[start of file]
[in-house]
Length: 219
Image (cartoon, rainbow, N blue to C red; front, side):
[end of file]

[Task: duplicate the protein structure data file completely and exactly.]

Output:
[in-house]
Length: 219
Image (cartoon, rainbow, N blue to C red; front, side):